this nothing had been heard of the
Nornn. Tho yacht Is a keel yacht,
schooner-rigged, 115 foot over all.
She was built In Brooklyn In 1879.
UNFORTUNATE FRENCH GIRL.
The unfortunate French girl spoken of
In a BULLETIN of recent date Is' still at
Oahu jail where jailor Henry Is giving her
the kindest and most watchful care. She
is allowed the freedom of the gardens out'
sldf butts cautioned to call fur the guard
at the gate should there be d.inger lurking
about One attempt has already been
made to get her away from the jail and It
Is fiared that other attempts will be
Slice reading the article In the BULLE
TIN many Honolulu people have become
Interested In the young woman's welfare
and have promised to do all In their power
to assist her. Money enough to pay her
passage back to France has already been
scored and a letter apprising her family
of her Intended departure In the near fu
ture for the beloved shores of her native
country lias been sent forth In the Nippon
Mau.. . t
-ru. i( ihf turn Fipnrnmen to he
tried in the Police Court Saturday fore-''
noon will uemanu me young woman
presence, she being the principal witness
for the prosecution. As soon as the trial
Is over she will begin her preparations for
To Jail for Drunkenness.
Wm. Crews was arrested yesterday
afternoon on the same old charge. The
police officer who took him to the station
house was forced to put his hand over the
t man's mouth to keep him quiet. He was
so noisy at the police' station that he was
finally sent over to Oaliu Jail. This
morning Judge' Wllco sentenced him to
one one month's Imprisonment at hard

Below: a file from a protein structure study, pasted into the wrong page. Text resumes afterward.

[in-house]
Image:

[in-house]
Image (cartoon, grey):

labor on account of his continual appear
ance In the Police Court on the same old
St. Andrews Fair and Luau Netted
x Good Sqid,
Treasurer Kltcat Reports Total Proceeds as
$385.60 -Fair More IProQtablo Fancy
The following 'is a statement of ac
counts of tho St. Andrew's Cathedral
fair nnd luau of September 30, this
THE FAIR. ALONE.
Fancy Tablo J142.G0
Flower Tablo 91.0U
Sewing Tablo 63.20
Ice Cream Tabic 93.30
FIJI Tablo 59.40
Grab Box , 64.30
Hawaiian Table 47.80
Candy Tablo 40.90
Coflco Tablo 38.05
Sunday School Tablo 14.05
Lemonade Table 21.65
THE LUAU ALONE.
Proceeds .n 209.85
Proceeds of fair and luau $885.60.
V. II. KITCAT,
HAWAIIAN SOUVENIR CALEN
DAR. The prettiest Hawaiian Souvenir Calen-
dar that has ever been seen In Honolulu
has just been put on the market by Wall,
Nichols Co. for 1900. The arrangement
of the views Is artistic and appropriate, a
most excellent selection of photographs
having been made.
There are thirteen parts of heavy white
card board, held together with silk cord.
The title pace h.is a tine view of Honolulu
'narbor nnd shipping taken from the boat
nwse. utner views include me loinni
palace, Kamehameha statue, Punchbowl,
Rainbow and Kapena falls, Crater of Kl
lauea, Diamond Head. Walklki and surf
boats, Cocoanut Island, Mauna Ke.i, Vol
cano rond, native luau, Cook's monument
and the Pall. One of Princess Kalulanl's
best photographs occupies a prominent
The parts for the different months are
printed In different cplors, nnd surrounding
the views are artistic sketches of Hawaii
fruits and flora. On the last page Is a
man of the croup with table of distances.
and a detail of our trade with the United
States for 1806 as compiled by Worthlng
ton C. Ford.